IS food in Malaysia so cheap that we take it for granted? When we eat at the mamak shops, at coffee shops, hawker centres, cafes, restaurants or hotels do we ask about the size of the portions?
Do we tell servers to give us less rice or less noodles or less of whatever we don’t want or like so that we don’t waste it?
Do we feel a tad guilty when we look at our unfinished plate of food? Do we think of those in our country who are hungry and might not have eaten for the day? And do we ask ourselves what all that waste is doing to the environment?
Dr Anni Miten does.
The executive director of the South-East Asia Council for Food Security and Fair Trade (Seacon) says she feels sad at the way so many people in this country take food for granted.
“There is no more element of people enjoying food sitting around appreciating the food or even asking where the food has come from.’’
She thinks “sharing food is something noble and part of our culture” and is somewhat exasperated at how much food people waste.
When Miten orders lamb at a particular restaurant she frequents she asks for only two pieces instead of the normal portion because that is all that she can eat. She is happy to pay full price for it because she knows she did not waste.
“If you don’t want the bread or potato that comes with your food , just tell them not to give it to you even though the price of your meal is still the same. Or tell them to pack it and take it home with you. Don’t waste.
“This is our responsibility as consumers.’’
Malaysians waste 15,000 tonnes of food daily – piled up, that would come up to about 16 KLCCs!
The Malaysian Agricultural Research and Development Institute (Mardi) estimates that of that amount wasted, 3,000 tonnes is actually untouched, edible and should not even have been thrown away.
All this makes Miten question how much of the country’s RM45bil food import bill for last year was really efficiently utilised and how much of it went to waste.
“This is a cost to the country. And the waste has to be treated,” she points out.
This is one reason why she wonders if it is wise for the Government to control the price of some food items, like rice. Because the price of rice is subsidised, it’s a cheap food item and people don’t think twice about leaving it on their plates – throwing it away, in other words.
“If there is no more price control on rice, will it make Malaysians jump?” she wonders.
The United Nation’s Food and Agriculture Organisation (FAO) policy officer Dr Daneswar Poonyth, however, says the government shouldn’t be blamed.
“The Government is making food affordable – but does it mean that because it is made affordable you waste it? It is going to cost the Government more down the road to manage the waste. And the government never told you to waste food.”
He points out that in 2007, 2008 and 2009 when global food prices went up, globally everyone adjusted and went from buying high quality to low quality. But not in Malaysia, the adjustment was not there.
“People shouted that prices were increasing but they did not adjust their consumption and basket. We say when food prices increase, it will reduce the waste. But here in Malaysia when prices increase, waste increases. Economics fails here,” he says.
At Tuesday’s MySaveFood Forum organised by Mardi, solid waste management company SWCorp said that, according to its findings, Malaysians end up throwing away a quarter of what they buy in a month because the food has expired or gone bad or is wasted during preparation or consumption – see details in graphic on right.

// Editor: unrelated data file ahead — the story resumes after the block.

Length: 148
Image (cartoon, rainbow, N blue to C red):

As the figures in the graphic show, this works out to RM2,700 a year – “And that’s a lot of money,” points out Agustina Fithri Kasmaruddin, an SWCorp officer.
Agustina is a working mother and she has come to realise that buying food for a week just doesn’t work. Some days she has to work late, some days she gets stuck in a traffic jam, so on those days her kids buy their food. So nowadays, Agustina buys fresh food every two to three days. That way she doesn’t waste. And any leftover vegetables are fed to the family’s pet rabbit.
FAO’s Daneswar says, individually, people might not feel it so much when they save RM100, but that saving adds up and helps the Government: “If a million Malaysians do that, it reduces the cost of imported food coming into the country.
He says the target is to reduce the amount of food that goes into the bin.
“We can’t deny that Malaysians love food. It is a culture. But if I love something, should I throw it away? I should cherish it.”
Chefs are trained about food safety rules, he says, “So why can’t a similar training be given to them to reduce portion sizes? It would be a gain-gain, for restaurants and consumers.”
In many developed countries, people have to pay for the waste they put out.
Daneswar says in Rome people are given a weight limit of the waste coming out from their house. If they put out an extra plastic bag to be collected, it will be weighed and they will be billed for the excess waste at the end of the month.
Seacon’s Miten says it took South Korea more than 20 years to change people’s attitude to waste.
The Government first got people to separate their waste. Then 15 years later, they banned organic waste in landfills, which meant that people had to manage their own kitchen waste. This made some neighbourhoods get into composting their waste for fertiliser.
Then the Government tightened waste regulations even more, Miten says, explaining how the authorities introduced a smart card and weighed whatever came out of the kitchen and charged people accordingly – “So you’d find people even squeezing all the water and liquid out of the waste.’’
Changing behaviour in Malaysia is not going to be easy.
“Once they feel the pinch, they will do it,’’ says Miten.